SIU Director’s Report - Case # 21-TCI-291


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Mandate of the SIU

The Special Investigations Unit is a civilian law enforcement agency that investigates incidents involving an official where there has been death, serious injury, the discharge of a firearm at a person or an allegation of sexual assault. Under the Special Investigations Unit Act, 2019 (SIU Act), officials are defined as police officers, special constables of the Niagara Parks Commission and peace officers under the Legislative Assembly Act. The SIU’s jurisdiction covers more than 50 municipal, regional and provincial police services across Ontario.

Under the SIU Act, the Director of the SIU must determine based on the evidence gathered in an investigation whether there are reasonable grounds to believe that a criminal offence was committed. If such grounds exist, the Director has the authority to lay a criminal charge against the official. Alternatively, in cases where no reasonable grounds exist, the Director cannot lay charges. Where no charges are laid, a report of the investigation is prepared and released publicly, except in the case of reports dealing with allegations of sexual assault, in which case the SIU Director may consult with the affected person and exercise a discretion to not publicly release the report having regard to the affected person’s privacy interests.

Information Restrictions

Special Investigations Unit Act, 2019

Pursuant to section 34, certain information may not be included in this report. This information may include, but is not limited to, the following: 
  • The name of, and any information identifying, a subject official, witness official, civilian witness or affected person. 
  • Information that may result in the identity of a person who reported that they were sexually assaulted being revealed in connection with the sexual assault. 
  • Information that, in the opinion of the SIU Director, could lead to a risk of serious harm to a person. 
  • Information that discloses investigative techniques or procedures.  
  • Information, the release of which is prohibited or restricted by law.  
  • Information in which a person’s privacy interest in not having the information published clearly outweighs the public interest in having the information published. 

Freedom of Information and Protection of Privacy Act

Pursuant to section14 (i.e., law enforcement), certain information may not be included in this report. This information may include, but is not limited to, the following: 
  • Confidential investigative techniques and procedures used by law enforcement agencies; and 
  • Information that could reasonably be expected to interfere with a law enforcement matter or an investigation undertaken with a view to a law enforcement proceeding. 
Pursuant to section 21 (i.e., personal privacy), protected personal information is not included in this report. This information may include, but is not limited to, the following:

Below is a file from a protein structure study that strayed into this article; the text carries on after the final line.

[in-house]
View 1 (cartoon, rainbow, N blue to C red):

•  The names of persons, including civilian witnesses, and subject and witness officials; 
  • Location information; 
  • Witness statements and evidence gathered in the course of the investigation provided to the SIU in confidence; and 
  • Other identifiers which are likely to reveal personal information about individuals involved in the investigation. 

Personal Health Information Protection Act, 2004

Pursuant to this legislation, any information related to the personal health of identifiable individuals is not included.

Other proceedings, processes, and investigations

Information may also have been excluded from this report because its release could undermine the integrity of other proceedings involving the same incident, such as criminal proceedings, coroner’s inquests, other public proceedings and/or other law enforcement investigations.

Mandate Engaged

Pursuant to section 15 of the SIU Act, the SIU may investigate the conduct of officials, be they police officers, special constables of the Niagara Parks Commission or peace officers under the Legislative Assembly Act, that may have resulted in death, serious injury, sexual assault or the discharge of a firearm at a person.

A person sustains a “serious injury” for purposes of the SIU’s jurisdiction if they: sustain an injury as a result of which they are admitted to hospital; suffer a fracture to the skull, or to a limb, rib or vertebra; suffer burns to a significant proportion of their body; lose any portion of their body; or, as a result of an injury, experience a loss of vision or hearing.

In addition, a “serious injury” means any other injury sustained by a person that is likely to interfere with the person’s health or comfort and is not transient or trifling in nature.

This report relates to the SIU’s investigation into the serious injury a 42-year-old man (the “Complainant”) suffered.

The Investigation

Notification of the SIU

On September 5, 2021, at 6:25 a.m., the Toronto Police Service (TPS) notified the SIU of injuries suffered by an individual during his arrest.

According to the TPS, shortly after midnight on September 5, 2021, police officers from TPS 51 Division attended Allan Gardens, a park located at Jarvis Street and Gerrard Street East in Toronto. The officers then responded to a female who advised them that she had been sexually assaulted and robbed by a male party. The male party was still in the park and attempted to flee on his bicycle. As he fled, he fell from his bicycle. The TPS officers were able to catch up to him and a struggle ensued. After being apprehended, the man complained of sore ribs. Paramedics were summoned and the man was transported to Toronto General Hospital, where he was diagnosed as having suffered two fractured left ribs.

The involved TPS officers were the Subject Official (SO) and Witness Official (WO) #1. The arrested person was identified as the Complainant, and the Civilian Witness (CW) was identified as the victim of the Complainant’s assault.